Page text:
Bonds, reviled by many around baseball for his role in the sport's ever-deepening steroids scandal, stood motionless for a few moments before slowly circling the bases as the crowd of more than 43,000 at AT&T Park cheered and fireworks exploded over McCovey Cove, the small inlet beyond the right-field wall named for Giants great Willie McCovey. When Bonds reached home, he was greeted by his 17-year-old son, Nikolai, and swarmed by his Giants teammates.
"Thank you very much. I got to thank all of you, all the fans here in San Francisco. It's been fantastic," he said in a brief on-field ceremony.
Thus ended a long and contentious journey for the 43-year-old Bonds, in his 23rd season in the major leagues. A once-lithe and multi-talented outfielder who played the first seven seasons of his career with the Pittsburgh Pirates, Bonds has spent much of the past decade dodging charges that he used performance-enhancing drugs to transform himself into a bulky power hitter. Bonds, whose seven Most Valuable Player awards are the most of any individual in the top three major American sports, set the single-season record for home runs in 2001, launching 73 of them -- 24 more than he'd ever hit in a season.
Since 2000, when he turned 35 and at a time when sluggers traditionally see a sudden dropoff in their power numbers, Bonds has hit 311 home runs. That's better than 41 percent of his career total and 66 more than Aaron hit in a similar timeframe in his career. Aaron retired after the 1976 season.
A federal grand jury is investigating whether Bonds lied when he reportedly testified, in the famed BALCO steroids case, that he never knowingly took performance-enhancing drugs. Bonds' alleged drug use has been detailed, in a thorough and often painstaking manner, in the book Game of Shadows, written by two investigative reporters from the San Francisco Chronicle and excerpted in the March 13, 2006 issue of Sports Illustrated that carried this headline: The Truth.
Tuesday night, the only truth that the fans at AT&T Park recognized was that Bonds is now the new home run king. The fans in San Francisco, unlike those in other cities who have alternately booed and been wooed by the slugger's prowess, have been unflinchingly supportive throughout the slugger's travails. Bonds is practically royalty with the Giants. His late father, Bobby, played for them from 1968-74. His godfather, Hall of Famer Willie Mays, signed with the New York Giants in 1951 (they moved to Northern California before the 1958 season) and played for them for the better part of two decades.
The 76-year-old Mays, fourth on the all-time home run list behind his godson, Aaron and Babe Ruth, watched Tuesday as Bonds crunched the record-setting homer off Washington Nationals' left-hander Mike Bacsik in the fifth inning of an eventual 8-6 Nationals win. Not there to witness the moment: Baseball commissioner Bud Selig, a longtime friend of Aaron's who has been mostly silent about Bonds and his quest for the record. Selig, who has been at several recent Giants games and was present for the record-tying home run last Saturday in San Diego, was back in Milwaukee attending business. Representing Major League Baseball in his place was vice president Jimmie Lee Solomon.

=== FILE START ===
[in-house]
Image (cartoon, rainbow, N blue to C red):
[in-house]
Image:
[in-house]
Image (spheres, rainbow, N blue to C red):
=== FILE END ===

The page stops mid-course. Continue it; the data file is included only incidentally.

But the commissioner did congratulate Bonds via a telephone call, then issued a statement. "While the issues which have swirled around this record will continue to work themselves toward resolution," Selig said, "today is a day for congratulations on a truly remarkable achievement."
Aaron, 73, wasn't at AT&T Park, either. He flatly declined to follow Bonds on this quest, citing his age, the uncertainty of when the record-breaker might come and the rigors of travel. Many around baseball suspect, though, that Aaron is disturbed by the charges of performance-enhancing drug use -- considered cheating by many in and around baseball -- that surround Bonds.
His involvement Tuesday night was limited to a recorded statement on AT&T Park's huge video board.
"It is a great accomplishment which required skill, longevity and determination," Aaron said. "Throughout the past century, the home run has held a special place in baseball and I have been privileged to hold this record for 33 of those years. I move over now and offer my best wishes to Barry and his family on this historic achievement. My hope today, as it was on that April evening in 1974, is that the achievement of this record will inspire others to chase their own dreams."
After he broke Ruth's longstanding home run record in 1974, hitting No. 715 at now-demolished Atlanta-Fulton County Stadium, Aaron smacked 40 more to finish at 755, a number that stood in the record book, without question, until Tuesday. Bonds -- whose record is destined to be questioned for as long as it stands -- has nearly two more months to add to the total, and he's said that he'd like to play next year as well. His employability beyond this season, though, is in question. As good a hitter as Bonds remains -- he still is so feared that no one in the game is walked more -- he is 43 years old, he does not play the outfield well anymore and he makes more than $15 million a season.
None of that was of any particular importance Tuesday to anyone in the beautiful ballpark by the bay. With his singular left-handed stroke, Bonds became the greatest home run hitter in the grand old game's long and often scandalous history. And the city that embraces him, amid a baseball-loving nation that is torn about him, cheered its new home run king.